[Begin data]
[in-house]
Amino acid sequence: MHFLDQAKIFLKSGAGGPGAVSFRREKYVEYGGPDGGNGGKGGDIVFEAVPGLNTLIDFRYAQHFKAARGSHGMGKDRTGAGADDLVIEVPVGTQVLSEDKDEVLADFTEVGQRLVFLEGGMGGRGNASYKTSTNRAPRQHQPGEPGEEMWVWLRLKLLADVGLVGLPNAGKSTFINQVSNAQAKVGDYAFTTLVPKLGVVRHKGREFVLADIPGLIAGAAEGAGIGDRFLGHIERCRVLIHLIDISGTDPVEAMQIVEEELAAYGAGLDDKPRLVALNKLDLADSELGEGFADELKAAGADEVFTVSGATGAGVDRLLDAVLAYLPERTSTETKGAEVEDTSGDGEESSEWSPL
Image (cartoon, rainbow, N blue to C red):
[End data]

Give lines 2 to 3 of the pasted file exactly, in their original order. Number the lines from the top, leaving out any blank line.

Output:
Amino acid sequence: MHFLDQAKIFLKSGAGGPGAVSFRREKYVEYGGPDGGNGGKGGDIVFEAVPGLNTLIDFRYAQHFKAARGSHGMGKDRTGAGADDLVIEVPVGTQVLSEDKDEVLADFTEVGQRLVFLEGGMGGRGNASYKTSTNRAPRQHQPGEPGEEMWVWLRLKLLADVGLVGLPNAGKSTFINQVSNAQAKVGDYAFTTLVPKLGVVRHKGREFVLADIPGLIAGAAEGAGIGDRFLGHIERCRVLIHLIDISGTDPVEAMQIVEEELAAYGAGLDDKPRLVALNKLDLADSELGEGFADELKAAGADEVFTVSGATGAGVDRLLDAVLAYLPERTSTETKGAEVEDTSGDGEESSEWSPL
Image (cartoon, rainbow, N blue to C red):